There’s been a lot written about the rise of AI and the impending automation which will lead to a mass reduction in industries requiring a human touch. The counterargument is that every time there has been a technological improvement new, higher value jobs have been created that more than offset the loss. Farming used to grossly inefficient when done by man but now massive harvesters are able to replace dozens of human workers. Similarly, technology has allowed entirely new industries to be created that just wouldn’t have been possible before - every company is embracing technology to succeed and with that comes improved efficiency and lower costs.

I forwarded an article about Bridgewater, a hedge fund, trying to replace managers with AI, to a friend and he replied with the astute observation that this is already happening at Uber. The drivers are depending on an algorithm to tell them where to go and how to get there. Sure someone wrote the code but there’s no person actually telling the drivers what to do - that’s left to the algorithms. It’s only a small example now but I have no reservation that these sorts of change will sweep all industries over the next few decades.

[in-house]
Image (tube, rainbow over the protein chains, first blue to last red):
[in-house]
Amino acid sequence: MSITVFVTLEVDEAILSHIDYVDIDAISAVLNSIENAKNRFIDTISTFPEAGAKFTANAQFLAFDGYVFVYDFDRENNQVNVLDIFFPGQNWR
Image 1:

I’m not as optimistic nor as bearish as many and I expect that at least in the short term we’ll find a sweet spot that’s able to leverage the strengths of AI with those of humans. A great example is to look at chess. The best chess players consistently lose to AIs but a human paired with an AI is consistently better than an AI alone. It’s unlikely that machines will all of a sudden take over and more likely it will be a fusion of the two with AI growing larger and larger in share as it improves. By then we’ve hopefully figured out how the world should look.


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